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The Birth of Khan
Sheer beauty isn’t enough to propel Genghis’ story
by Molly Templeton
MONGOL: Directed by Sergei Bodrov. Written by Bodrov and Arif Aliyev. Cinematography, Sergey Trofimov and Rogier Stoffers. Music, Tuomas Kantelinen. Starring Tadanobu Asano, Honglei Sun, Khulan Chuluun and Odnyam Odsuren. Picturehouse, 2008. R. 126 minutes.
|Temudjin (Tadanobu Asano) with one of his children in Mongol|
Russian director Sergei Bodrov’s sweeping, gorgeous Mongol is enough to make a person want to take a vacation to the Mongolian steppe, which appears, in the film, to contain multitudes — of landscapes. From the frozen lake into which young Temudjin (Odnyam Odsuren) falls (never mind how he gets back out; he just does) to the rocky shrine of the lord of the skies to which he wanders, head and hands in a wooden yoke (never mind how he gets out; he just does), this late 12th century Mongolia is an absolutely beautiful place. It’s also populated by strikingly beautiful people: Odsuren as the young boy whose future title we all know, Japanese actor Tadanobu Asano as his adult self and Mongolian former student Khulan Chuluun as his beloved Borte all seem to wear their features with a certain graveness, a stillness and confidence that suits the story of a legend.
But even a legendary story requires thoughtful telling. Mongol begins with the future Genghis Khan a nine-year-old boy in search of a wife and moves gradually though the years to his first major battle. Unfortunately, this gradual progression is less than graceful. Time after time, Bodrov cuts away from moments that need explaining and more than once lets his story rest on a crutch worthy of a Bond villain: Enemies who want to kill Temudjin simply don’t. He escapes in that damned heavy yoke not once but twice; neither freezing water nor arrows in the back can kill this man. When a former friend takes him as a slave, Temudjin is immediately sold, a decision which makes little sense unless you read the director’s comments on how several years in Genghis Khan’s life are unaccounted for. Here, he spends those years sitting in a cell in a distant city, on display as a failure until Borte, in a sequence that pushes even harder at one’s strained suspension of disbelief, comes for him.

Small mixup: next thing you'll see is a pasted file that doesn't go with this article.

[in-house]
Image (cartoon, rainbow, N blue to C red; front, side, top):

Mongol tries to aim for both the heart and the gut; vibrant gouts of spouting red blood trade screen time with scenes in which Temudjin and Borte look longingly at each other. They’re a striking pair, but as with so many other epic, meant-to-be relationships, we’ve no real reason to believe in this one. We’ve even less reason to be interested in it when the film suggests (fairly enough) that Temudjin is to be praised for choosing to claim Borte’s children, fathered by different men, as his own — but gives no consideration to how being kidnapped (and clearly raped) by enemies or selling herself to a merchant for passage might have affected the nearly saintly Borte, whose conversations with Temudjin tend to consist of little more than concern for his well-being.
Still, the film’s greatest hiccup is when it leaps from Temudjin’s imprisonment to the massed army with which he will fight a defining battle. How he built this army — how this wandering boy with seemingly countless enemies, all of whom can find him on the steppe whenever they feel like it, ever rallied men to his banner — is utterly ignored. We know what happens to this man; we know he’s going to conquer half the world, as the film helpfully reminds us at its close. But what drives a story like this is the how of the thing. Mongol gives us pieces of the story in flashes and starts, in mentions of strife between clans, the beliefs which drove Temudjin and a handful of discussions of what a Mongol is or isn’t. But it’s always in a hurry to get to the next battle or windswept vista, the next lingering shot of Borte’s lovely cheekbones or the speeding legs of elegant horses. All make for a vivid portrait of a land rarely seen on Western screens — but not, alas, for a compelling take on the mythic figure at the center of this tale.
Mongol opens Friday at the Bijou.